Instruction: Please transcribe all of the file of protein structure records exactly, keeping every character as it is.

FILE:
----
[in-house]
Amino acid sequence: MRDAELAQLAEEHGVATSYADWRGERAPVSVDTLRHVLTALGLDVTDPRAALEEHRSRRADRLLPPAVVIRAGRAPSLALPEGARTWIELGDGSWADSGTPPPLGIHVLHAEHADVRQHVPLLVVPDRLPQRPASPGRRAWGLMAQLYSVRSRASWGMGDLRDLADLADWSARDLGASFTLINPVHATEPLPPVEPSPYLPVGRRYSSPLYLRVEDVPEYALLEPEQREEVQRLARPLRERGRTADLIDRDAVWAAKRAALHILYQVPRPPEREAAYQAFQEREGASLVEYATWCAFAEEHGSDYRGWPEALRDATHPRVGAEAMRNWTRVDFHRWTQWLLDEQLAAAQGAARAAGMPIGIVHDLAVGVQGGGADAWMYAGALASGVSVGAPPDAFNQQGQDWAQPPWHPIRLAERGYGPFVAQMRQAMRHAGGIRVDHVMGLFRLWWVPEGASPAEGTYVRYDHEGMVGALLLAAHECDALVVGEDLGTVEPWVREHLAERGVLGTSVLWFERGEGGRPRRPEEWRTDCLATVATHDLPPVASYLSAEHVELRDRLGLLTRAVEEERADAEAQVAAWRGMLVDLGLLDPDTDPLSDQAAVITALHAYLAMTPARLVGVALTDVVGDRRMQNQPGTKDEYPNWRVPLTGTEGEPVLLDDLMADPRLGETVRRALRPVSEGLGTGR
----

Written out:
[in-house]
Amino acid sequence: MRDAELAQLAEEHGVATSYADWRGERAPVSVDTLRHVLTALGLDVTDPRAALEEHRSRRADRLLPPAVVIRAGRAPSLALPEGARTWIELGDGSWADSGTPPPLGIHVLHAEHADVRQHVPLLVVPDRLPQRPASPGRRAWGLMAQLYSVRSRASWGMGDLRDLADLADWSARDLGASFTLINPVHATEPLPPVEPSPYLPVGRRYSSPLYLRVEDVPEYALLEPEQREEVQRLARPLRERGRTADLIDRDAVWAAKRAALHILYQVPRPPEREAAYQAFQEREGASLVEYATWCAFAEEHGSDYRGWPEALRDATHPRVGAEAMRNWTRVDFHRWTQWLLDEQLAAAQGAARAAGMPIGIVHDLAVGVQGGGADAWMYAGALASGVSVGAPPDAFNQQGQDWAQPPWHPIRLAERGYGPFVAQMRQAMRHAGGIRVDHVMGLFRLWWVPEGASPAEGTYVRYDHEGMVGALLLAAHECDALVVGEDLGTVEPWVREHLAERGVLGTSVLWFERGEGGRPRRPEEWRTDCLATVATHDLPPVASYLSAEHVELRDRLGLLTRAVEEERADAEAQVAAWRGMLVDLGLLDPDTDPLSDQAAVITALHAYLAMTPARLVGVALTDVVGDRRMQNQPGTKDEYPNWRVPLTGTEGEPVLLDDLMADPRLGETVRRALRPVSEGLGTGR